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Are you toying with the idea of raising capital for your business by executing a few quick day trades? If you are, keep in mind that when you’re a novice day trader, it’s easy to make mistakes.

That’s because, when you buy and sell securities quickly and hold your positions for short periods, there is a lot that can go wrong. As a matter of fact, the day trader who is new to the game can even grow accustomed to watching his or her investment capital evaporate quickly.

Whether it’s binary options trading or forex day trading, there are a number of common pitfalls and traps just waiting for a day trader to fall into. Maybe it’s that you have no strategy or plan, or you haven’t done your homework about the markets. Whatever the cause, nearly everyone is at a risk of being caught out one time or another.

Here, we discuss some of the more common blunders almost every new day trader has made.




A Lack of a Trading Plan

Do you know your precise entry and exit points? Are you aware of how much capital you are willing to invest and to trade? How much is the maximum you are willing to lose? If you cannot answer these questions, then you have already made a big mistake. Failing to prepare is preparing to fail. Therefore, ensure that you enter trading with a solid plan, first and foremost.


Not Knowing When to Move On

Call it stubbornness or call it inexperience. Regardless of which tag you affix to this principle, the consequences are the same. If a day trader does not know how to take a loss and move on to another trade, they will potentially hold onto a losing position. Things can get worse with time. Mounting losses can build up and eat considerably into your capital.


Neglecting the Importance of Stop-Loss Orders

There is no doubt about it: stop-loss orders are incredibly important to being a successful day trader. Without recognizing the importance of stop-loss orders, a trader runs the risk of losses becoming unnecessarily large. This is Trading 101 stuff. There are reasons why successful traders abide by golden rules such as stop-loss orders. These can be defined as part of your trading strategy.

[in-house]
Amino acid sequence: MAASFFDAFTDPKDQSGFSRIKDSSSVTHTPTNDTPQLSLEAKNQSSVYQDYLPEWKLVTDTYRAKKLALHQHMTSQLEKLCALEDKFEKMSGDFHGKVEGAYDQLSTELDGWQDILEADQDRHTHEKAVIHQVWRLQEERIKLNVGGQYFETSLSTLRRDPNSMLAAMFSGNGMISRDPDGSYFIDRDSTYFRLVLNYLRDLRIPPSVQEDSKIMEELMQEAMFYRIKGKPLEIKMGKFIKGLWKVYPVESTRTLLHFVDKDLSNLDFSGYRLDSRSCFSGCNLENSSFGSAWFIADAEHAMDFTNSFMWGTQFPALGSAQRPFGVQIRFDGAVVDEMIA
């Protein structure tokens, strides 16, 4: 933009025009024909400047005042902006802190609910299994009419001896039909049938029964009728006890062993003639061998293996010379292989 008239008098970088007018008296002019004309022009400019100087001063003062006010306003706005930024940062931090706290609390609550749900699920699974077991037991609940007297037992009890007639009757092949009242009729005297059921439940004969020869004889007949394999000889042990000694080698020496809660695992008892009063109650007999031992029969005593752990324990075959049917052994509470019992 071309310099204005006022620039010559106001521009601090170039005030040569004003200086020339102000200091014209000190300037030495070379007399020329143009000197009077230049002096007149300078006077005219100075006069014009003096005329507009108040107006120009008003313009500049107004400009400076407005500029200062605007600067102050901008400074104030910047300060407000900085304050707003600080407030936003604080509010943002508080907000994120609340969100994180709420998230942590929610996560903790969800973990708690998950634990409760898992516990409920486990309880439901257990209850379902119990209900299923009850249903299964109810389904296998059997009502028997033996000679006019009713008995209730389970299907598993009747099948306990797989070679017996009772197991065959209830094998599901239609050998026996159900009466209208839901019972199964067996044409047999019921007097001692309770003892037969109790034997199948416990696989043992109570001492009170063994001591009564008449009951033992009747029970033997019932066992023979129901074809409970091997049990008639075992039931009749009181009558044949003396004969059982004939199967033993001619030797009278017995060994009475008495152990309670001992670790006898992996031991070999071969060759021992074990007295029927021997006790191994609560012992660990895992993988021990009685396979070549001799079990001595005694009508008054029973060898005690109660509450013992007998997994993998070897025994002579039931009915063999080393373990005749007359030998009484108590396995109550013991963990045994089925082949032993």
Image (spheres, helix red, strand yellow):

Excessive Trading

While it may seem tempting to rush into trades like Genghis Khan off the back of successful trades, logic dictates that this is a bad idea. Over-trading may soon see your profits dry up significantly. What’s more, you could then face considerable losses. Novice traders may think they are onto something once they’ve made a big win. However, pretty soon you’ll start to understand the reasons why those with more experience are careful to subdue their enthusiasm for trading, especially when they’ve experienced a winning streak.



Following the Herd

Following the herd is generally a bad idea. Not only does it lead to laziness, but it can also prevent a day trader from paying close attention to their own trades. In the excitement of the moment, they can fail to exit when they get crowded.

The smart money will move out quickly. But novice traders won’t be experienced enough to know when this has happened. Conservatism is something which the new day trader generally needs to learn. And they do so by watching more savvy traders.


In Conclusion

Trading is far from a sure thing. As such, it is important to give yourself as much of an advantage as possible when you’re trading. If there are no easy ways, make things as easy on yourself as you can. Preparing for the worst is always a good place to start. However, it is the comprehensive building of knowledge which is key to being a successful day trader.